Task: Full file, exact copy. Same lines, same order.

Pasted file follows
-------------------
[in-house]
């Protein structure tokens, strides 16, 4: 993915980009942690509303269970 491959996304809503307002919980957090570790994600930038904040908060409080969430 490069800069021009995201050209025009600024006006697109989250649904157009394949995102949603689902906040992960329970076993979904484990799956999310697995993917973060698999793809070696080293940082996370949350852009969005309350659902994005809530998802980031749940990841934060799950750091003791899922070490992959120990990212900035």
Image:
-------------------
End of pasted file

[in-house]
């Protein structure tokens, strides 16, 4: 993915980009942690509303269970 491959996304809503307002919980957090570790994600930038904040908060409080969430 490069800069021009995201050209025009600024006006697109989250649904157009394949995102949603689902906040992960329970076993979904484990799956999310697995993917973060698999793809070696080293940082996370949350852009969005309350659902994005809530998802980031749940990841934060799950750091003791899922070490992959120990990212900035």
Image: